"The difference between offense and defense is offense is more unit oriented. The offensive line is the ultimate unit. You have five guys trying to play together, plus the running backs have to be in sync with what is going on upfront, and then the tight ends are part of it. I think the big challenge is one, if you do not have everybody at practice, that is hard because you do not develop that continuity then. When it is different week to week, you are not playing with the same guys so when you are playing, you are playing with different guys every single week. You do not really develop any continuity in terms of who you are doing it with. The No. 1 thing is it always starts with the center, and the center (OL Cameron Erving) was making good progress and then he got that bruised lung in the second game and he missed a bunch of time. Then he is back in, he is back out so he is back in now, but all of the sudden, now we have differences at guard so it is a real challenge. The seasons that I have had the most success with the groups have been the seasons that you have had a lot of continuity and those guys just got used to playing together, and when they are playing together, the back sees the same thing happening if he is behind the same [offensive linemen]. Basically, if there are different players playing next to different people, the back is always going to see something different or you are trying to zone certain pass rush games and you are not used to the guy you are working with so it is a challenge. That is the NFL in this day and age. The NFL unfortunately is a game of injury, and everybody has injuries. The teams that are the most successful are the teams that either one, are lucky and do not have any injuries or two, when they do have injuries, they are able to plug other guys in there and still perform at a high level. It is unfortunate that you have to change a lot of people, but you can't make an excuse. There is no excuse either. You still have to be able to put five [offensive linemen] out there each week that you can win with. That is the bottom line in this league."
On how he Erving has played this year:
"Playing a rookie center is like playing a rookie quarterback. This is his first year playing center, and I am not making an excuse for him but it is a hard position to play. It was hard last week. He was playing against a guy that literally weighed 373 pounds. Man, that guy is a big dude and he is a good player so you are playing against really quality people upfront. He has a lot going on. He has to make as many mental assignment calls and checks as the quarterback does. He is trying to do a lot mentally, trying to do a lot physically, playing with different guards, playing with some young guards right now, but he is making progress. I think what you are hoping is from Year 1 to Year 2 – that Year 2 is just like a rookie quarterback – that Year 2 is significant improvement. I am hoping that year is going to be an improvement with him. He is into it. He meets, he is in there early, he is there late and he meets extra. He is on top of it all. He watches a lot of tape. Upbeat at practice, really knows what is going on, but the bottom line is when the rubber meets the road out there on the field, you still have to be able to perform, and that is always going to be a challenge is to get him to play with the type of pad level that he needs to against a lot of 340 pound nose tackles that are 6'2" playing at 6'0". He is 6'5" and a half, 6'6" so he is learning to play with better pad level and he has been playing with better pad level, and I think that will always be his – it is two sides of the sword, his size and length gives him leverage which is great, but it also makes him play at a higher level than any center that I have ever worked with."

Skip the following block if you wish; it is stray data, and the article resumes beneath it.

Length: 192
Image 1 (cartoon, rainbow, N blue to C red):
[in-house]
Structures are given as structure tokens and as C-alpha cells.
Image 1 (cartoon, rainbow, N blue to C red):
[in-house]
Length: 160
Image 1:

On who the next man up may be for the Browns given the most recent injury to OL John Greco:
"Right now, we are going to take a look at (OL) Jonathan Cooper at guard. He was in there today with the first group. I am going to give (OL) Alvin (Bailey) an opportunity, but Cooper is going to get an opportunity to see what he can do. He was a good player coming out of college and I know he has had some injury issues both at Arizona and had some injury issues up at New England, and now, we have him. We have had a chance to work with him, and I am excited. He is athletic. He is tough. He is smart. Like I talked to him today about, what a great opportunity. You get a four-week window to really build your résumé and really prove that this is where you belong to be so I am excited for him because one man's misfortune creates another man's opportunity. It is not different than over at left guard. It was hard losing (OL Joel) Bitonio. He was a tough dude. He was a good player. He is a good player, but then all of the sudden, it gives you an opportunity to work with (OL) Spencer Drango and see where he can go, and he is improving and getting better. That is just the way it has to be in this league."
Defensive line coach Robert Nunn:
On if DL/LB Emmanuel Ogbah is settling in now that he is receiving more reps at DE:
"Yes, I do. I am excited about where he is right now. He is starting to affect the quarterback more and more. He has been a little bit unlucky as far as the sack numbers. He had a couple of things that weren't really his fault. A lot of times, sacks are overrated, but he is affecting the quarterback and he is getting close. He has to continue to do what he has been doing. He comes in every day, goes to work, listens, is very coachable and is being a professional and it shows up. He is improving at things that if he continues and finishes this year on the path he is on and comes back in the offseason, I really am excited about where he is."
On how DL Danny Shelton's improvement has impacted the defense, specifically LB Christian Kirksey: